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Striving for Love

Do you strive to ensure you are loved and valued – by God and/or by those around you? How long have you worked hard to be a good person, to be able to feel valued?

Do you work and strive and keep all the rules and all the other stuff people do to try to convince God, and those around you, that you are valuable, loved, worthy? It’s such hard work. It’s continual work. It never stops. It never does. Because you are probably not actually trying to convince God that you’re lovable (God already knows that, the Spirit may well have been shouting it at you for years); you may be trying to convince others, but if they know you well, they know you and already love you – or not, or sometimes. That’s a different subject. But it is very probable that the person you are actually trying to convince is yourself. That you are worthy and lovable. But if you do that by working and striving, the problem is you tend to have to continue doing that to continue to prove you are worthy. It is very hard work.

Yet God’s yolk is easy; God already knows and loves you through and through; whether you are worthy of that love is irrelevant. None of us are actually worthy of that love. The good news is – we don’t have to be. That love is there anyway. We are striving, working for something we already have, if only we could accept it.

Maybe that is the nub of the problem: acceptance. Accepting that all our hard work, all our striving, all our rule-keeping won’t gain us love. It just gains us work and stress. Can we accept the fact that God’s love is there for us; that we only have to accept and respond to it; that how hard we work – or don’t – is a response to God’s love of us, not a means of gaining it.

That we cannot come to God as the Pharisee did in the parable saying ‘look how much I do for you’; look how much I prove my holiness, my worth. Look how hard I work for You, how much I pray, look how long I spend at church … whatever this is that we say to try and control and manipulate God. We are probably not saying it so obviously; we may not even realise we are saying it. We can only come to our Lord as the tax collector did: Lord, have mercy on me; I have mucked up, I am not worthy of you; I made a mistake yesterday; I have followed You for [xx] number of years and am only now realising I’ve missed the entire point.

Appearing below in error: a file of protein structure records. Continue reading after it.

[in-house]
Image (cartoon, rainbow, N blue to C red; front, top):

As I do regularly; I’ve been a Christian all my life, why is it only now after several decades that I am realising that I don’t have to make myself worthy of God? That in fact I can’t? Why am I only now realising that is what I have been doing? To realise that I need to be reminded of this at least daily. To see that I can NOT do this myself, that I have to let go and let God do this in me, that, in actual fact, I need our Lord to let go for me. Of course, I knew this on one level, but it’s a message that continually needs deepening.

It is hard to continue striving to be worthy; in many ways it is even harder to stop striving; to let God in, let our Lord love you – for that love may show us aspects of ourselves that we are not comfortable with, letting go means letting go of pride, and that can be humiliating.

But to let go, let go and let God love you as you are; to let go and let God love in you; to let go and even let God love God within you. Cease to strive, cease trying to convince God you’re worthy. It’s not about whether you’re worthy or not. It’s about God, about coming to God, insecure in the love God has for you, but willing to let that love in. That may be a lifelong struggle but I think – I hope – it is not as tiring, although it may (in different ways) still be as hard. For to find the narrow way, the easy yolk requires humility, acceptance, letting go. However difficult, it is a way that is not stifling, but is LIVING, loving – a journey deeper and deeper in to our Trinity, a journey that can only start by letting go, but a journey into life.

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